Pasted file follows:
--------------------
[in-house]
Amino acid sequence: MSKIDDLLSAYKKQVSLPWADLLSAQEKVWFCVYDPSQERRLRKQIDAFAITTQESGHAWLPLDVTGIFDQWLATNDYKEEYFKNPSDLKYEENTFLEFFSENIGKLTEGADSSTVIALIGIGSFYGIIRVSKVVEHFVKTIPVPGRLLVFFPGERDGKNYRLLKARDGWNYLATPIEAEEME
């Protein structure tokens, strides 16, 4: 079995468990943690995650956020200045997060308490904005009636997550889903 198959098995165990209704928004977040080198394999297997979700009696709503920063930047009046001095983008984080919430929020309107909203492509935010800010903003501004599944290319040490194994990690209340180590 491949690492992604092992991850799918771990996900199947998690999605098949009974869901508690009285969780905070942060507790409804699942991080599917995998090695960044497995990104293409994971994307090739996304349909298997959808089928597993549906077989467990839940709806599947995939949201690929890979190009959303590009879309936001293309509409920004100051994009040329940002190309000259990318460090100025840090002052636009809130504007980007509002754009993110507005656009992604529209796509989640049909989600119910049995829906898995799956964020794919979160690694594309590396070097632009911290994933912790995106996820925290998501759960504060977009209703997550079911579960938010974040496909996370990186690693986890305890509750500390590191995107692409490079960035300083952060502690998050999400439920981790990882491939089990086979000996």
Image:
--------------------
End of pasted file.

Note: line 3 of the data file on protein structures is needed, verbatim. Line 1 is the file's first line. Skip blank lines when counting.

């Protein structure tokens, strides 16, 4: 079995468990943690995650956020200045997060308490904005009636997550889903 198959098995165990209704928004977040080198394999297997979700009696709503920063930047009046001095983008984080919430929020309107909203492509935010800010903003501004599944290319040490194994990690209340180590 491949690492992604092992991850799918771990996900199947998690999605098949009974869901508690009285969780905070942060507790409804699942991080599917995998090695960044497995990104293409994971994307090739996304349909298997959808089928597993549906077989467990839940709806599947995939949201690929890979190009959303590009879309936001293309509409920004100051994009040329940002190309000259990318460090100025840090002052636009809130504007980007509002754009993110507005656009992604529209796509989640049909989600119910049995829906898995799956964020794919979160690694594309590396070097632009911290994933912790995106996820925290998501759960504060977009209703997550079911579960938010974040496909996370990186690693986890305890509750500390590191995107692409490079960035300083952060502690998050999400439920981790990882491939089990086979000996």